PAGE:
In this article, we will cover topics on the types of short-tailed pythons in the Background Information section as well as Size, Behavior, Handling, Feeding, Caging, Heating, and Lighting recommendations. We also have tips on troubleshooting common issues with these snakes at the end. Click each of the bolded links to jump to that section, though it is recommended to read the entire article.
Short-Tailed Pythons include three related, but separate species. These include Blood Pythons (Python brongersmai), Borneo Pythons (P. breitensteini), and Sumatran Pythons (P. curtus).
Blood Pythons are from southwest Thailand, peninsular Malaysia, eastern Sumatra, and some surrounding islands. They can be found in a wide range of colors from dark brown to light yellow, and they are the only species of the three short-tailed pythons with a red phase, which is the origin of its common name. There are a growing number of color and pattern morphs that create very unique-looking animals, including two types of albino genes.
Borneo Pythons are found on the island of Borneo. Their colors can vary from dark coffee brown to pale tan, with black, white and brown markings. There are several known color and pattern morphs including stripes, blue ghost, and Lattes (as shown at the top of the page).
Sumatran Pythons are also found on the island of Sumatra, but in the southern and western parts of the island. They range in color from dark black-brown to jet black, with black, gray, or silver heads. Rarely, they can have orange or yellow heads, and may be mistaken for Borneos. Hatchlings are typically lighter in appearance and darken considerably with age. The Sumatran short-tailed python is often called the “black blood python,” another confusing label that should be avoided.
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Short-Tailed Pythons range from 4 to 6 feet as mature adults, weighing between 10 and 20 lbs. Bloods are the larges of the three and Sumatrans are the smallest, but all fall within that range. They are impressive, beefy animals even as young adults. They are heavy-bodied terrestrial animals, the thickest of any species of Python for their length. We like to refer to them as the Bullies of the Python world, as they are short and wide!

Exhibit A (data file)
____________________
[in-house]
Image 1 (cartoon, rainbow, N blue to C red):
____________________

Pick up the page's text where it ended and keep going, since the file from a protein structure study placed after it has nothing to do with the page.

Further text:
Though they are wide and heavy, these snakes should have a clearly defined ridge on their spine that tapers into their body. If this spine is not well-defined, it’s likely the snake is or is becoming obese. Refer to the feeding section below for more on obese snakes.
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It’s a common notion that these snakes are “aggressive,” hard to handle, and not easy to tame. This reputation has a few origins. First, wild-caught animals. Many of the cheaper snakes found on websites or at reptile expos are often either field-collected (wild-caught) or they’re farm-raised in Indonesia. These snakes are notorious for being harder to tame because of their origins. Another factor in their “aggressive” behavior is the fact that these are terrestrial snakes that like to hide under leaf litter or other detritus on the ground. They do not climb, ever! When they are scared, they hide or flatten out to look bigger and hiss very loudly. A warm-bodied predator that is 100x their size (you!) reaching down to pick them up off the ground can be a terrifying experience for these snakes. The last issue that can cause this behavior is their enclosure. They do not like wide open spaces and feeling insecure about their living environment will cause them to act out, at everything…